The Surprising Road To Equality

I grew up in the Village in New York, so to me LGBT equality has always been a given, including on the marriage issue as it arose in the 1990s. But if you asked me ten years ago, I would have been very surprised at the direction the road to equality has taken. I was fairly certain, at the time, that we were heading in the opposite direction. That people would say that, on the one hand, most large religious denominations objected to the idea of same sex marriage. But people would say that on the other hand it’s not fair for people to live in a state of permanent second-class citizenship. So since a wedding is, at root, a kind of religious ceremony we would achieve equality through the disestablishment of marriage. People, gay or straight, would form registered legal partnerships of some kind (“civil unions”) and the question of who is and isn’t married would be left to various religious denominations.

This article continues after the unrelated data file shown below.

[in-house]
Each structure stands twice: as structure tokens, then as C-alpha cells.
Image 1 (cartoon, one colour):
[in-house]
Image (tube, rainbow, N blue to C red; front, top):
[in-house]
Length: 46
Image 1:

The upshot would be that secular people generally wouldn’t get married. Once upon a time, after all, the religious function of baptism was closely tied to the secular function of legally registering new births. But that’s not the way things work anymore. There’s a perfectly egalitarian secular system of birth certificates, and operating in paralel you have some different religious ceremonies to mark new births for those who are interested.

Obviously, I’m totally wrong. Marriage equality came to New York last night and the whole country is on the road. Meanwhile, my best friend from high school got married earlier this summer, I’m going to a wedding later today, and I’ve got several more weddings on the agenda for 2011. It’s inspiring to see these victories for justice and equality, but I also do think it’s worth pausing to acknowledge that the specific form the victory has taken is an interesting affirmation of the conservative streak running through American life. LGBT rights advocates and their allies really haven’t wanted to tear down traditional family structures, they’ve patiently, insistently, and effectively demanded access to them.